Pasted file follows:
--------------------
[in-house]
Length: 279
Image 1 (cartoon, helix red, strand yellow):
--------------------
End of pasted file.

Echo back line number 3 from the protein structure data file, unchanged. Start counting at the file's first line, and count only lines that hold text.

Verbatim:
Image 1 (cartoon, helix red, strand yellow):